The Production Designer sat, turned towards the snake woman and dropped her sunglasses low on the bridge of her nose. From over the rim of her sunglasses she gave the woman a long, purposeful look. "Oh, you're a piece of work," she commented sarcastically.

That said, she pushed her glasses back up and studied Ka'shin briefly. "Hi. I'm Nekhebet, your ever loving, ever hated Production Designer." Her ruby lips formed an ironic smirk.

"Ka'shin," he croaked in a tense voice.

Nekhebet brushed back her shoulder length white hair. "For an actor dressed up as some Mongolian clone of Ghengis Khan, you certainly could use a lesson in vocalization," she noted. "You might try speaking as if you're in command of loyal subjects instead of trying out as a frog in a beer commercial."

Ouch! That hurt, Ka'shin mused, feeling his confidence shrink in the presence of this White Haired Witch. Why did fate curse him by bringing her here? He suddenly lost his appetite.

Nekhebet ate her salad. She watched him and he noticed her studying his fries and half eaten burger. Disgust was etched in her youthful face.

"Would you like these?" he asked awkwardly, indicating the fries. Nekhebet offered a thin smile. "If you keep eating that stuff, I'll have to build more sets because you won't fit the scenes. That means more work for me and more changes of wardrobe for you," she noted coldly. "Haven't you figured it out?"

He didn't know what to say and the awkward silence was broken by an assistant who appeared by Nekhebet's side.

"What is it, Nadis?" she inquired in an edgy tone, not bothering to look up.

The assistant cleared his throat, glanced at Ka'shin and placed the clipboard on the table. "The final approval for Scene 43," he reported.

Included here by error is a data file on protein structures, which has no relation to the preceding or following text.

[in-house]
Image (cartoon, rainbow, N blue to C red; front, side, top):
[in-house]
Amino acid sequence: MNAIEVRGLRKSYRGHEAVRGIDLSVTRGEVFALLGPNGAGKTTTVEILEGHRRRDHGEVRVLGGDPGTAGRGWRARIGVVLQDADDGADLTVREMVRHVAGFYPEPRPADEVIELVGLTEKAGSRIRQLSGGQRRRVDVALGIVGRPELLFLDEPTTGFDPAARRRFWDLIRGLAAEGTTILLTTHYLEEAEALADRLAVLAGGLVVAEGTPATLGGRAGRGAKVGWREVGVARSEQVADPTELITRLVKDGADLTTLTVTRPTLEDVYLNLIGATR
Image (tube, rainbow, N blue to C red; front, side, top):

Nekhebet took a pen clipped to the sleeve of her shirt and scrawled her name to the paper. The assistant thanked her and quickly departed, nearly dropping the clipboard in his haste.

Ka'shin cleared his throat. She looked coolly to him, waiting.

"I, umm..." he searched for the words and courage to speak.

"Well, don't be shy," she taunted. "You're wondering about scene 43, aren't you?"

Ka'shin nodded. "I was to play the Barbarian King; now I'm a French Cook. Why the change?"

She studied him for a long time, her face expressionless, her sunglasses distorting his reflected image. Finally Nekhebet took a long drink of bottled water.

"What is scripted and what scenes are actually shot are two different events," she replied, her tone having lost some of its edge. "It is my responsibility to make sure all scenes fit the character according to the Director's wish." She slid the glasses down the bridge of her nose, cast a long look at the greasy mound of starch smeared with vinegar and catsup then watched him with those cutting blue eyes, daring him to rebuff her decision.

Ka'shin felt uncomfortable being the center of her attention. Her stare seemed to look deep into his Being and understand everything about him. He averted his eyes.

Nekhebet realized he wasn't going to challenge her, slid the glasses back, and resumed her lunch.

Ka'shin looked beyond at the sets. Now the barbarian's palace was being replaced by a mid- Seventeenth Century French village. Workers hurried over scaffolding, cranes were lifting heavy stones, trucks delivered wood and supplies, walls were being erected, trees planted, shrubs plopped along a cobblestone road. Several camera booms were positioned, tracks laid for dollies, extra lights and reflectors. Production Assistants were prowling the set, conversing into microphoned headsets, recording on clip boards, shouting commands and waving arms.

"I'm reminding you like I remind everybody else," Nekhebet's edgy voice brought him back. "I see the glitter in your eyes and know what all you actors think, 'Oh, such a pretty set; I love it!'" she whined. "Don't you DARE get caught up in the scene!"